"When I decided to ask you, it wasn't because I thought I had to. I was genuinely curious about you since I didn't feel like I knew you very well. The memory definitely sparked some of that curiosity, but I knew I didn't want to just rush in and ask you to be my girlfriend out of the blue based on some weird mental thing I didn't understand. That's why I asked you to go as friends. I figured that if I spent some more time with you, it would sorta test out the idea behind the memory. Plus, I really did believe that you'd be a lot more fun to go with than anyone else I could've asked.

"If things went well, I thought I could keep getting to know you and see where things led. If I mucked it all up, at least I would've tried to chase after that happiness I'd seen in the memory, plus it meant you'd get to go to the dance. It felt like it was the right call." Harry's frantic thoughts slowed slightly when Ginny's gaze moved from her feet back to his eyes.

"You know how the spring term went: we hung out a lot more, spent time training for the tasks, and generally became friends. Y'know, real friends." He smiled a bit sheepishly as the corner of Ginny's mouth almost turned upward. "I'd promised myself that I wasn't going to focus too much on the memory that term, since I'd been thrust into a tournament where someone was likely trying to off me, but after I went back to Privet Drive I had time to think.

"I realized that I liked you a lot. Liked you liked you. And I knew that I wanted to ask you out, not because of the memory, but because…" Harry tried to find the right words. "You make me really, really happy. And I was hoping that I might make you happy, too."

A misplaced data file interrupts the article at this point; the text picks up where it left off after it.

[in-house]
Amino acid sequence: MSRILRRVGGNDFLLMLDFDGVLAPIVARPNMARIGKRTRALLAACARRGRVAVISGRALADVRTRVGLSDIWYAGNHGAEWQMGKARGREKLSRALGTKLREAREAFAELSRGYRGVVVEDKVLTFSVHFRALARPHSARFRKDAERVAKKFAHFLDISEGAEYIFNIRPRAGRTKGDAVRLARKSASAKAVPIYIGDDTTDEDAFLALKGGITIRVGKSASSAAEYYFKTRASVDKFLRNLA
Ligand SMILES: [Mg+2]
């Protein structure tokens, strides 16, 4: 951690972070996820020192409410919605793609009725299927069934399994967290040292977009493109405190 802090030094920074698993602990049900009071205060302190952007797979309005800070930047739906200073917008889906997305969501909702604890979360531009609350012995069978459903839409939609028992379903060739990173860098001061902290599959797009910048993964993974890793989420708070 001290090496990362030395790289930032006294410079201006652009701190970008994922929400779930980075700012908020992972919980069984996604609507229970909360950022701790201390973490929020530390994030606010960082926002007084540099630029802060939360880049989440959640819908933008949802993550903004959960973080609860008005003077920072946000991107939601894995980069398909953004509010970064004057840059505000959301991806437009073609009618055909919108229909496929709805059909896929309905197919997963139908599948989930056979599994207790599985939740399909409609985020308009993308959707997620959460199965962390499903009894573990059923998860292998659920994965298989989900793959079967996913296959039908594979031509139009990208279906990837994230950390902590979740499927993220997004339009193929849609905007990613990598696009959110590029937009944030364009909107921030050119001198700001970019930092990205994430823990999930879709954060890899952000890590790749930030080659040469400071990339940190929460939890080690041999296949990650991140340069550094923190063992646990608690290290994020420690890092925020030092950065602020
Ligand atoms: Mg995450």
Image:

He watched as a genuine smile graced Ginny's face. "You promise you're not with me for some stupid, noble reason?"

"Absolutely," answered Harry, and he meant it.

A small hand slipped back into his as Ginny tentatively rested her head on his shoulder. "Then why the hell did you wait so long to ask me this summer?" she asked with a bit of a soft giggle.

"For the life of me, I don't know!" replied Harry with exasperation at himself. "I almost asked you probably a dozen times before it happened. I was nervous you'd say no or laugh at me, and I kept thinking and then rethinking how I should say it all. It's not like I had a good track record of being smooth when trying to ask you out. I still blush when I think of inviting you to the Yule Ball…"

"You're kind of an idiot sometimes, y'know?" she said with a mischievous grin.

"I know!" laughed Harry, finally feeling some of his nervous energy dissipate.

"How did you not realize I would say yes? I sat next to you as much as I could without climbing into your lap, I tried to touch your arm or bump my knee against yours multiple times a day… The only way I could've been more obvious was if I agreed to let Fred and George go ahead with their plan to convince the paintings in Grimmauld to shout 'Oi Potter! Snog Ginny!' every time you walked by!"

Harry let out a snort at the image of the three most devious Weasleys accosting Walburga Black's portrait until she agreed to their plan.

"What can I say? You're dating someone who doesn't always know what's happening emotionally." Harry felt mostly confident that things between them were back in a good place but squeezed her hand anyway. "Speaking of, we are still dating, right? I'm really hoping we're still together, even though I wouldn't blame you if…"

Harry's questions were interrupted and answered by Ginny's lips on his.


In the days that followed, none of them was sure how word of the five students' defense session made it into the Hogwarts rumor mill, but Harry heard multiple groups of students relaying ever-more fanciful tales of how the lesson had gone. Hermione shrewdly used the rumors to drum up interest in the Defense Club, which was scheduled to begin meeting early in October. The inclusion of all five of those allegedly being tutored by "Dumbledore and a crack team of hit wizards" as Seamus had put it, had made the list of interested students much longer than originally anticipated.